The best ultrawide 1440p monitor we've tested so far is the LG 34GN850-B. It's a well-rounded monitor with impressive gaming performance that should please most people and its native 144Hz refresh rate can be easily overclocked to 160Hz. Its 21:9 aspect ratio also offers enough space to multitask and open a few windows at once.
This monitor has native FreeSync variable refresh rate (VRR) support and it's certified by NVIDIA to be G-SYNC compatible with newer NVIDIA graphics cards too. It has an outstanding response time at its max refresh rate, one of the best we've seen on a monitor that doesn't have a 240Hz refresh rate. The response time remains excellent when playing at 60Hz, making it ideal for console gaming, and its input lag is also really low. The monitor has an IPS panel, so naturally, it has fairly wide viewing angles, great for sharing your screen with others. It has great out-of-the-box color accuracy, it gets bright enough to combat glare, and it has excellent coverage of the Adobe RGB color space used in photo editing.
Unfortunately, it's not ideal to use in dark rooms as it has a low contrast ratio and just okay black uniformity. However, it supports HDR10, it displays a good wide color gamut, and it has decent peak brightness in HDR. Overall, most people should be happy with this monitor, making it the best 2k monitor with an ultrawide screen we've tested so far.
If you're looking for a monitor with better dark room performance, check out the Nixeus EDG 34. The VA panel won't give you the great viewing angles like the IPS panel on the LG 34GN850-B, but instead, it has a great contrast ratio, resulting in deep blacks. Gamers should appreciate the incredibly low input lag and the clear motion thanks to its good response time, but they might be disappointed that it only supports FreeSync through a DisplayPort connection, which is rare for most monitors. Unfortunately, the out-of-the-box color accuracy is quite poor, so you might need to get your monitor calibrated. On the upside, it gets bright enough to combat glare if you also want to use it during the day in a bright room.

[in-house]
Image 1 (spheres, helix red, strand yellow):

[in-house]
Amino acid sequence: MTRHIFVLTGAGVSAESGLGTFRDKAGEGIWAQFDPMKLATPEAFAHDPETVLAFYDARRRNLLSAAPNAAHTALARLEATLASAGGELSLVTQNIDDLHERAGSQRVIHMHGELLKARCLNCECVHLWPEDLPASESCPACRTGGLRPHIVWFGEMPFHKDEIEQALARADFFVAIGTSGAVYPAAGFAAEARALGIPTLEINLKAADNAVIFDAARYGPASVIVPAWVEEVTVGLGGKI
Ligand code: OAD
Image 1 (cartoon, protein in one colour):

If you're looking for the best ultrawide 1440p monitor, the LG is a great choice, but if you want something with better dark room performance, then the Nixeus is a good alternative.
The best 1440p monitor in the budget category that we've tested so far is the Dell UltraSharp U2520D. It's a good overall monitor that's ideal to use for work, and since it has a 25-inch screen, it's easier to fit into your at-home office setup. It doesn't have extra gaming features, but surprisingly it's still good for casual gaming.